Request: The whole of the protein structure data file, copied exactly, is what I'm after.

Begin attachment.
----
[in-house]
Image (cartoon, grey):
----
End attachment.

[in-house]
Image (cartoon, grey):